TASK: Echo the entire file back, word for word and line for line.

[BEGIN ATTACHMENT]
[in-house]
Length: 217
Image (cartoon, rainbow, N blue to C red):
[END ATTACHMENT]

[in-house]
Length: 217
Image (cartoon, rainbow, N blue to C red):